Author and journalist Roger Thurow was the keynote speaker for the Foods Resource Bank regional gathering hosted by the Church of the Brethren’s Global Food Crisis Fund on Feb. 15. Thurow spoke about his upcoming new book on the smallholder African farmer, and how the state of agriculture and food production in Africa has potential to affect the entire world. Photo by Cheryl Brumbaugh-Cayford
Growing project leaders gathered at a meeting of the Foods Resource Bank hosted by the Church of the Brethren’s Global Food Crisis Fund (GFCF) on Feb. 15. The meeting brought together some 35 farmers and representatives of churches involved in growing projects in northern Illinois and southern Wisconsin.
Foods Resource Bank growing projects in US communities supply funds for food security and agricultural development and education programs carried out around the world. Brethren congregations participate in the Foods Resource Bank through the sponsorship of the GFCF.
The Feb. 15 gathering at the Church of the Brethren General Offices was one of seven simultaneous winter gatherings conducted by Foods Resource Bank board members across the country. Other regional meetings were held in Akron, Pa.; Archbold, Ohio; St. Louis, Mo.; Decatur, Ill.; Kansas City, Kan.; and San Antonio, Texas.
Foods Resource Bank members Gary Cook of Bread for the World and Brian Backe of Catholic Relief Services joined GFCF manager Howard Royer in planning and hosting the Elgin observance. The keynote presentation was by Roger Thurow, co-author of “Enough: Why the World’s Poorest Starve in an Age of Plenty” and a former journalist at the “Wall Street Journal.”
Thurow’s interest in food and agriculture began when he was on a trip to Kenya with a group of farmers from Ohio, and first saw African farmers through the eyes of American farmers, he told the gathering. The experience led to his current writing project, a book on the smallholder African farmer. Thurow is spending time with a group of subsistence farmers in Kenya, finding out what their day-to-day life is like as they try to raise crops to feed and support their families.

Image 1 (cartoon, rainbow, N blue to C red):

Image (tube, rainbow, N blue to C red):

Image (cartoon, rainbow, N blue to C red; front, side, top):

“What is it like not to be able to grow enough food to feed your family?” he asked. Most of the farmers he is following for the book are women, because women make up the majority of smallholder farmers in Africa. Thurow’s next trip to Kenya is this planting season, when he will wait with the farmers for the rains to come.
The challenges these farmers face are many: small plots of land, averaging less than an acre to one or two acres each; little use of hybrid seed; little education about how to plant and care for a crop; lack of good storage facilities; lack of access to markets; difficulties with transportation and infrastructure; and vulnerability to weather and drought.
“Outrage and inspire” was the “mantra” for his first book “Enough,” written with co-author Scott Kilman: “Outrage that we have brought hunger with us into the 21st century. Hunger is one of the great problems of the world that can be conquered…. It can be the singular achievement of our age,” he insisted. “So, enough is enough!”
“Captivate and motivate” is the mantra for his book on the African farmer. This is because the problems of Africa may potentially affect the food situation in the whole world, Thurow said. Experts have said that by the year 2050 the world must double its food production in order to prevent mass hunger. “Where will this quantum leap come from?” Thurow asked. “Africa is the place where this kind of improvement can still happen.”
International support for agricultural development in Africa is crucial, to move the continent from subsistence to sustainability, he said. He added a plea for the US government to maintain its budget for development work in Africa through US AID and development aid. “We have the technology, so what we need is this political will.”
Quoting from Kenyan farmers who have chosen a name meaning “We have decided” for their group, Thurow congratulated the Foods Resource Bank for being among those who have decided to fight hunger. “What I have decided is I have to go and man the front ramparts of the hunger fight with all of you,” he said in closing. “In the 21st century, nobody, particularly the small farmers of Africa, should be dying of hunger.”
Following his presentation, Thurow fielded questions about other issues, ranging from what the price of food should be in our world economic system, to crop diversification. Many people stayed on after the meeting ended to talk further with Thurow and to buy copies of “Enough,” which is available through Brethren Press (call 800-441-3712).
For more about the Global Food Crisis Fund go to www.brethren.org/site/PageServer?pagename=go_give_food_crisis. For more about the Foods Resource Bank go to http://www.foodsresourcebank.org/ .
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